Ever since Diana learned about the circle of fifths in her music theory class back in college, she’d used it as a kind of emotional compass for some of the most important moments in her life. At the time—sophomore year, fall semester—she hadn’t been particularly enamored with the concept of the circle, but as the years passed and she began writing her own songs, she quickly became familiar with the unique emotional character of each of the twelve diatonic keys. Soon after, without even meaning to, her mind began returning to the circle even when she wasn’t composing. From then on, this occurred so often and so automatically, that most things that happened to her didn’t really make sense until she placed them somewhere on the circle.
Take right now for example: this moment of quiet intimacy that unfolds around her as she sits on a padded barstool on the small stage at the back of Frank’s Cafe on the south side of town, eyes closed, her back an achy parabola, the solid woody curl of her Epiphone resting on her thigh; the lazy-yet-deliberate way she rests her elbows on her guitar and hides her unsteady hands behind its shining black body as if someone in the audience would be able to intuit her condition from nothing more than the random twitch of her fingers; the warm soup of nervous anticipation that starts to churn in her stomach in these last three minutes before the start of each show; the now familiar band of muscular tightness that wraps around her chest and makes it nearly impossible for her to take one of those full, deep, satisfying breaths that kiss the floor of her lungs and that smolder in the center of her chest with that wonderful little tongue of cool blue flame; and then there’s the muddy jumble of ambient noise swirling around her: the clinking glasses, the murmuring voices, the scattered coughing, the electronic chirp of a cell phone, the swash and swish of the swinging kitchen door, the wooden clack of Jon’s drumsticks, the metallic sizzle of tightening snares, the stony thunk of a root-position C minor seven on Jerry’s keyboard, the amplified tap of an index finger against microphone, the rumbling hum of rising feedback that follows, the timid chuckle and whoa hey now of Theresa’s voice coming clear and strangely thin over the speakers; and then there are her emotions darting nimbly through the brambles in her head: the old, familiar, pre-show nervousness; the surprising, unexpected, overwhelming relief that after tonight her silly little “career” as a musician will finally be over, that from this night on she can stop smashing her head against the brick wall of talent coordinators and record labels and club owners and booking agents and band managers and all the other countless gatekeepers who seem determined to tear her down at every turn and make her feel useless and terrible and like a talentless pretender who will never fulfill her ambitions of being a great musician like Adele or Fiona Apple or John Lennon or Patti Smith or Carole King or Joni Mitchell or Ani DiFranco or Bob Dylan or Alanis Morissette or Sara Bareilles or even Lana Del Rey, those dreams she cultivated amid the bloom and melt of the pink and brown checkerboards that morphed behind her eyelids as she lay in bed each night for the past fifteen years; and then, underneath all this, simmering at a low-flame boil, is her irrational, petulant hatred for the unfairness of her situation, of how, after so many hundreds of hours of practice, after all the lonely nights of aching fingertips and sore wrists and fingerpicked scales plucked out in a dim room with the TV on mute or with nothing more than the posters on her bedroom walls staring back at her, the universe decided to choose her brain and her nerves to begin failing her at thirty-two.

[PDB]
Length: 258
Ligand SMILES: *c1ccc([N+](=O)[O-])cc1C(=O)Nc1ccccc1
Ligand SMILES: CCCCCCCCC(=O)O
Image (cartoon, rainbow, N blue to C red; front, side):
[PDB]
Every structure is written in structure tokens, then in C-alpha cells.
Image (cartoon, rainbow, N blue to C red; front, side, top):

So with all this in mind, Diana tries to find the unique harmony of this moment. But even with all this information she still can’t find its proper place on the circle—major or minor, F# or Bb—but that’s okay because there is still so much more to come, the night is just beginning, she has no idea where it will go and how she will feel when this last show is finally over, so with her rig all set up and her volume knob on mute and everything on her end all ready to go, she lets her mind wonder to some of the other moments she’s placed on the circle in the past, and in seconds she thinks of A minor and remembers what it felt like to wake up in that narrow strange bed in that tiny strange room in a strange hidden corner of her college town of Barrier, NY, a few minutes before six a.m., late October of her sophomore year, just a few weeks after she first learned about the circle, the blurry gray light from the window beside the bed shining in her eyes like a splash of murky dishwater, the weird little spikes and dimples in the cream-colored ceiling hovering just above her head, a slicing wintery wind whirling outside and scudding sharply between the buildings and scouring raw any exposed skin of the unfortunate souls making their morning commute on foot, the long fingers of her left hand lost in the black sprigs of wiry chest hair belonging to Rob, the man she had abandoned her college life for the night before, the tall, solid, fiftyish divorcee with the boxy chin and the kind, pale blue eyes couched in those soft wrinkles like the creases that sprout in a plush leather sofa after you’ve been sitting in it for a while, those eyes that just a few hours before had made her forget about the terrible heavy feeling that had been sitting on the floor of her stomach for her entire first year of college, that awful feeling of knowing without a doubt that she’d made a terrible mistake by coming to Barrier to study music, that instead of listening to her sister’s advice about being smart about things and about getting a degree that’s actually worth something she had stubbornly gone her own way and had followed her impossible dreams and had fucked up her life; but that was all until she had met him at the bar last night, and from the soft sad way he’d looked at her and from the sweet things he’d whispered in her ear when they were lost together in the crowd, he’d made her feel special and smart and young and attractive and like someone who could do no wrong; and after marinating for the past year in the corrosive acid of guilt and uncertainty, those things he had said were the most wonderful words anyone could’ve said to her.